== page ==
Moscow City Duma Deputy Yevgeny Gerasimov, chair of the commission for culture and mass communications, agreed with Rashkin. “We should all calm down and preserve our history the way it is,” Gerasimov told The Moscow Times in a phone interview Wednesday.
“It’s about time we let go and stop renaming everything. Our history is too long and too versatile,” he said. “Moreover, I’m sure lots of people don’t even know who Voikov is,” the deputy added.
Gerasimov also said that renaming the district, the metro station and several streets would entail too much bureaucracy. “Can you imagine how many documents Muscovites would have to redo due to the address change, and how much money that would require? It would be a great inconvenience for local residents,” Gerasimov said.
Zakondyrin rejected that objection. “I’m surprised an experienced lawmaker would say such a thing,” he said in a phone interview with The Moscow Times. “No one will have to redo their documents right away. If a document expires, the new one will contain the new address — it’s a normal procedure,” he said.
‘Yes’ to Changing Times
Several Russian historians polled by The Moscow Times were unanimous in their verdict: Voikov’s name should be taken off the map.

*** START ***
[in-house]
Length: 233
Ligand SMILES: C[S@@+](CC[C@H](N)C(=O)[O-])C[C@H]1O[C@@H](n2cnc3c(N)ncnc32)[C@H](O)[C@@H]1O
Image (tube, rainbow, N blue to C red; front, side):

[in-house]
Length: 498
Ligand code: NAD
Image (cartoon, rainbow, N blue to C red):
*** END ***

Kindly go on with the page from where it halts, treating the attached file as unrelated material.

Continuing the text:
“It’s preposterous to have his name in the capital [of Russia] or anywhere else as the name of a metro station, [Voikov doesn’t deserve to have] a public toilet [named after him],” journalist and historian Pyotr Romanov — no relation to the former imperial family — and author of the “Ostorozhno: Istoria” (Caution: History) educational project told The Moscow Times on Wednesday.
Grigory Revzin, an arts historian and journalist at Kommersant daily, agreed. “Voikov is a loathsome figure, and it’s strange that something is called after him,” he told The Moscow Times. “And those who fight ‘the rewriting of history’ are simply trying to declare their version of events the truest, and no one has ever managed to do that,” he said.
Taking Soviet names off the map is a good idea, prominent historian and author of numerous history textbooks Leonid Katsva told The Moscow Times in a phone interview, but Voikov is not necessarily the most pressing example.
“We still have a small town outside of Moscow called Dzerzhinsky [after the founder of the dreaded Soviet secret police]. It also has a square named after Dzerzhinsky and a highway,” he said. “Why pick Voikov as a target while there’s still a large street and a library named after Lenin, and the mausoleum [containing Lenin’s embalmed body] is still on Red Square?” the historian said.